Music is all around us in many forms. In nature, we hear birds singing, a brook babbling, crickets and frogs chirping in harmony. If you listen carefully, rain falling on a roof can sound like planned rhythm. Music has existed for as long as man, perhaps even before. In ancient times, people gathered around to sing and accompanied their songs with clapping, using their bodies as instruments. Music, in all its glorious variety, is still a fundamental part of every culture in the world, including tribal groups which are isolated from the rest of society. In fact, in some places, musicians are elevated to god-like status.
But why is it so important that it seems ingrained into our very being?
Music is influential on our brains and many of its cognitive functions. Brain health, intelligence, mood, learning, focus and age are all improved through music. It is a gift for our well-being. Music sensibility is as fundamental to humans as language is.
Music and the Brain
Scientists say that music stimulates more of our brain than anything else. It has the power to change the structure of the brain through a process called epigenetics. In fact, the brains of musicians are different when compared to non-musicians.
Musicians have more grey matter in areas of the right cortical such as:
- The Precentral Gyrus
- The Superior Parietal Cortex
The corpus callous located between the two cortical hemispheres is also greater in musicians due to super neural connectivity. In cases of brain damage, music is used to heal as well. Music therapy helps people regain their ability to speak. It’s also effective with Alzheimer’s patients in regaining memories associated with the music they’ve listened to in their past. Music literally penetrates the human body and increases the neurotransmitters that are responsible for movement and mood alike, namely dopamine. Since Parkinson’s Disease is related to low dopamine levels, music is useful for treating this debilitating condition. Studies show that it even increases your immune system and keeps you from getting sick as often.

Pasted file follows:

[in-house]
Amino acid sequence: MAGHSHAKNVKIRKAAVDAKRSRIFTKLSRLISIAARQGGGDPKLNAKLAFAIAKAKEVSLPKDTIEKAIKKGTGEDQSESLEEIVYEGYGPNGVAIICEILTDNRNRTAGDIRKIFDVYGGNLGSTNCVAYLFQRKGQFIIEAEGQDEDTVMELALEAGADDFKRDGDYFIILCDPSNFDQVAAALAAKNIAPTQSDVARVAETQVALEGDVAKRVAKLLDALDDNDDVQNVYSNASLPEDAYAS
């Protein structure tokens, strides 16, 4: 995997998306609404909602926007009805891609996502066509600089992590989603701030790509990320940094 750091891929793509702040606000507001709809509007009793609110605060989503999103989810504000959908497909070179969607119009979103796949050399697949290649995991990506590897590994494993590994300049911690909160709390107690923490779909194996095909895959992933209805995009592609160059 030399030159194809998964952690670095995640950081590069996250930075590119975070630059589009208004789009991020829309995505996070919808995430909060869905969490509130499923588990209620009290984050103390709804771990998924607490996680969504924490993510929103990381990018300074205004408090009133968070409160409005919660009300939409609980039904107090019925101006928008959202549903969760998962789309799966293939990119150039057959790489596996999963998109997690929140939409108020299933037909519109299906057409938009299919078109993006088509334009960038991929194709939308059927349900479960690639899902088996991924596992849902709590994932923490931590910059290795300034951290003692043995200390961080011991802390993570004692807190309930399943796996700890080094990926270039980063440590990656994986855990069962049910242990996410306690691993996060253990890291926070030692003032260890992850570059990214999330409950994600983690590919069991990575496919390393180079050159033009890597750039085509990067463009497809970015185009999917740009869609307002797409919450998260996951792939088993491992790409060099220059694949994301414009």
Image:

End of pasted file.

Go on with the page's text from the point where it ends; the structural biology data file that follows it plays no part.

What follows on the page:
Music for Social Connectivity
Even though we may sing in the shower or while driving home from work, most of the time music is a shared social activity. It is a way to communicate or express feelings, thoughts or concepts oriented towards others.
It can cross boundaries of language and culture, helping people to make connections with one another, whether the music is created or consumed. It’s almost a natural way to send and receive messages from others in a non-threatening way. The combination of music and dance have been part of the human experience from the beginning. The matched rhythmic movements bond dancers together as they take part in any number of rituals or events.
We were born with a musical toolbox, the brain structure needed for appreciating and creating music. Sound and rhythm have always been part of our being, from the womb to the grave. Its energy, healing powers, and ability to bring humans closer to one another make it a fundamental part of life. We were given music for a reason, use it to your advantage.